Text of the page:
1. Likeability. Basically, everything Arindown said. She was spot on there, so I don’t need to add much, except that a really good technique is to show other characters liking them. People will naturally follow the general opinion of someone. For example, I have a pretty unlikeable character that I’m trying to redeem, but my MC really, really hates him. So I added another POV character who’s less biased and has a lot more compassion, so you get both sides of the story.
2. Proactivity. A character that pushes the plot forward will always be more interesting and memorable. This comes into character agency, but this can fluctuate throughout the book. If a character is really giving their all to achieve a goal, we’ll want them to succeed, even if they make some questionable choices along the way.
3. Competence. Characters that know exactly what they’re doing and are skilled in a field will be easier to like or at least respect. Don’t overdo this, though. Infallible characters are just boring. But sometimes it helps to give an unlikeable character just one scene to shine, and that’ll make them more interesting and memorable.
Now, the interesting part. If you have only two of these, your character may still be likable. A character that is constantly mean and moody, but who is proactive and competent can still be likable, perhaps even more than a character who has all three. And if you have a character who can’t push the plot forward too much for some reason, if they’re likeable and competent, they won’t feel flat or boring.
4. Humor. People love characters that make them laugh, so any funny character will automatically get likeability points. But, misplaced humor can be annoying, so use with caution. Also, don’t make your villain too funny, or people will start liking him. He can do whatever horrible things needed, but if he’s funny, people won’t hate him. Now, if your goal is to create a more light-hearted book, you can mess with this a bit.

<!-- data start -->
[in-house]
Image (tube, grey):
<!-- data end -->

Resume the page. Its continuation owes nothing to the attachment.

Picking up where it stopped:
5. Save the cat. This is such a big thing that there’s a book named after it. (One of my favorite writing books, btw.) What it comes down to is that you should have your character do some nice action within the first few pages. It doesn’t have to be big, selfless, or earth-shattering, just some small, nice thing. Like saving a cat out of a tree, or helping someone pick up their groceries after they dropped them. You can also do the opposite, for villains.
The likeability/proactivity/ competence thing I got from Brandon Sanderson’s class. It’s up for free on YouTube and it covers a lot of stuff. It gave me soo many ‘aha’ moments, and it doesn’t repeat all the common writing advice. It’s definitely worth checking out! It is 8+ hours long in total, so I listened to it podcast style.
Hope this helped!
Without darkness, there is no light. If there was no nighttime, would the stars be as bright?April 9, 2021 at 8:52 am #129282
Thanks for all the suggestions! That actually helped a lot 🙂
I will definitely be using a lot of these for Eliana, and I my villain definitely needs some work so that helps a lot!
I’ll have to look into Brandon Sanders. 8+ hours long though… Podcast style is definitely needed 😂
Be weird. Be random. Be who you are. Because you ever know who would love the person you hide.